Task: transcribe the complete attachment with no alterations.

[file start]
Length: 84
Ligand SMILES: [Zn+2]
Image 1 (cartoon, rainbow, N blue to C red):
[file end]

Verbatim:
Length: 84
Ligand SMILES: [Zn+2]
Image 1 (cartoon, rainbow, N blue to C red):